Smith excelled as a student at Tates Creek High School and followed her sister, Shawnetta, to Transylvania, where she was able to thrive, she says, and “prove that no matter where you come from you can succeed.”
In 2014, she returned to her alma mater, Tates Creek High, where she was named Kentucky’s 2016 School Social Worker of the Year. “I’ve been blessed by having opportunities,” she says. “I just felt it made sense to come back and help the same folks in the same neighborhood I grew up in and left to make a better life.”
Every day is different for Smith, because, as she explains, students who experience trauma manifest it in ways that can’t be anticipated. “For the kids who act out, once we dig deeper and find out it’s because of a traumatic event, then we can work with them.” And listen.
“I just felt it made sense to come back and help the same folks in the same neighborhood I grew up in and left to make a better life.”As a certified Youth Mental Health First Aid instructor, she is active in the county’s Project AWARE grant, helping to train teachers, faculty, staff, parents and even some older children how to look for signs of mental illness. “I love training. I love spreading the word—making mental health okay and reducing the stigma,” she says. “But also meeting so many different people from other schools and agencies and hearing their ideas and struggles and seeing how we can come up with a plan together.”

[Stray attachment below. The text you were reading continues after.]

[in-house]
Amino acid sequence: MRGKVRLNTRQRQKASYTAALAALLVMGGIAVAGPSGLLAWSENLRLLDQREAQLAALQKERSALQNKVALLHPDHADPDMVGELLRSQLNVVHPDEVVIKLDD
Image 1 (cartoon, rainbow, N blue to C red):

Smith is constantly learning, mentoring and earning advanced certification in her field, emulating those who guided her. “The professors and everyone at Transy helped me on my journey to do more,” she explains. “Besides the great education I received, what sticks with me the most is how much professors gave back and invested in their students—that whole attitude of helping others and being there for each other.”
She loves writing recommendations and seeing the process repeat as Tates Creek students attend Transylvania, then return to their alma mater to teach, as several have.
When asked about the difficulty of her job, she deflects praise to acknowledge her colleagues. “Funny thing,” she says, “I know my job’s hard, but, being in education, I admire teachers. I don’t think I could do that. We all lean on each other, which is great. I wouldn’t be here without teachers. It’s full circle.”